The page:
“While there are a number of issues I hold in high regard, (economy, government spending, social security) one of the issues held dearest to my heart is the U.S.A’s foreign policy towards Israel and the Middle East in general,” Couzens said. “In the past few years, President Obama has time and again lacked the stalwart support for what is one of the only established free democracies in the vast Middle Eastern region. He has called for Israel’s pre-1967 borders, and also conveniently left Jerusalem being the capital of Israel out of his political platform. His relationship (or lack thereof) with Prime Minister Netanyahu is disappointing.”
President Obama appears to many to be increasingly less supportive of Israel and the decisions of Prime Minister Benjamin Netanyahu. In addition to refusing to state he would provide support for Israel in the event of military action against Iran, Obama refused to meet with Netanyahu last month, claiming that his schedule was simply too busy. While Governor Romney has already made the trip to Israel, some believe that this was done solely for the purpose of gaining Jewish and Israeli support.
Many students are strong and unwavering in their beliefs, yet others are more confident in both the candidates to support and value Israel as an ally and friend of the U.S.
University of Texas junior Caroline Mendelsohn hails from Washington D.C., but will be voting in Texas this November. She trusts that either candidate will do what is in America’s best interest, and continue to keep ties strong with Israel, though Romney would do so in a more traditional sense.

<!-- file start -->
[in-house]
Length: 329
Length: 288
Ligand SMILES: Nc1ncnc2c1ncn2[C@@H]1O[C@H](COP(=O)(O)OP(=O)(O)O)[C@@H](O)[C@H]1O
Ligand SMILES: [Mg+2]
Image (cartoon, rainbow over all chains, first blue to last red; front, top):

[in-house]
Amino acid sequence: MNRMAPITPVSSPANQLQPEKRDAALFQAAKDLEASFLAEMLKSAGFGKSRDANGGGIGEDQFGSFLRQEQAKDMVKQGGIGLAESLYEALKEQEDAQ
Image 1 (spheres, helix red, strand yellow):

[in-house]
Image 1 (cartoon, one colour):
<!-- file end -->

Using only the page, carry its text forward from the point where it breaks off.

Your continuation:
“Both Obama and Romney support Israel,” said Mendelsohn. “Perhaps they do so, or plan to do so in different ways, but when it comes down to it, the President and Governor Romney understand that support for Israel is in America’s best interest. I agree with many that Obama’s positions on Jerusalem and certain border questions are not as clear or defined as they should be, and therefore not seen as pro-Israel, but during Obama’s term as President, Israel has benefitted from consistent support from the U.S. House and Senate, passing information legislation regarding the Iron Dome Missile Defense System, tough sanctions against a nuclear Iran, and the continuation of foreign aid and joint military cooperation.”
One thing that seems to be universally agreed upon is that Iran’s nuclear program must be taken care of. The support for Israel will likely be present regardless of who is in office, yet it is quite clear that for President Obama, costly mistakes were made in his foreign policy with the Benghazi cover up, his dismissal of Netanyahu during the Prime Minister’s recent visit to the U.S., and his call for Israel’s reversion to the pre-1967 lines.
Though Romney’s foreign policy is far from perfect, it seems to students that he is making fewer mistakes, and that if elected, he and the U.S. will act as the bulwark that Israel needs and deserves.